Garlic is not a mainstay of our garden. We have grown it a few times, but most years we struggle to find garlic bulbs in the fall, when it’s time to plant.
Last year, though, I asked at my farmers market: Will you be selling any seed garlic this year? When should I look for it?
Then I asked again. And I may have been on the brink of annoying when word came down that one of my favorite farmers in the world would be offering some of her own seed garlic to customers who pre-ordered. I happily plunked down my cash for a bag of beautiful looking bulbs.
My husband separated the cloves and dug them down on our South-facing bank. They sat tight and dreamed of spring (like the rest of us) through our coldish, snowyish winter.
Come March, we had tall green stalks standing like soldiers across that front-yard bed. By summer solstice, we calculated, we’d have garlic.
And not just enough to saute and stir into salsa and marinara. We were going to have garlic to string up in the basement, saving it through summer and fall, maybe even till the first of next year.
But weeks before harvest, I learned, there was one more maintenance job to do — a job that turned out to have a pretty nice payoff.
At the end of May, I walked through my garlic formation, and I snipped off the tight curls the plant had sent up. The garlic was flowering. It was my job to … you guessed it … nip it in the bud, so all the plant’s energy would be spent making a big, tasty garlic head.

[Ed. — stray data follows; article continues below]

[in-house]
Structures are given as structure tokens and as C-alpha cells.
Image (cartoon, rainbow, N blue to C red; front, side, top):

But these curlicue stems with their hard, white flower were not destined for the compost pile. They’re called scapes. You might have seen them piled high on tables at your farmers market in recent weeks. It turns out, they’re good eating in their own right.
Figuring out exactly how to cook the scapes was tougher than hauling them in. Some information said to eat the flower, some the tender green above the flower and yet other resources recommended sauteeing the tougher green below the bud.
I had a mess of scapes, so I did a little experimenting.
There are many garlic varieties and each produces different flowers. When the scapes are harvested matters, too.
The scapes I gathered had a small flower that turned out to be too fiberous to enjoy. I tried grilling the whole stalk and flower, but found it hard to keep them out of the fire and still not tender enough for my liking.
Over a few days and several recipes, I determined my favorite way to eat my scapes was to dice the stem both below the flower and about two inches above it. I tossed these pungent bits into my cast iron pan with olive oil and sea salt, a bit of onion, perhaps some fresh oregano and whatever other veggies were becoming dinner that night.
The scapes lent a not-quite-garlic-a-little-like hearty-chives flavor that complemented my other spring garden gifts — kale, spinach, peas, early zucchini — as if they were all meant for each other.
My two favorite scape dinners were an Asian stir fry and a spring garden pasta dinner. The stir fry was particularly good — light and tasty, with each vegetable’s flavor standing out, yet all working together beautifully.
Such an unexpected gift, these scapes.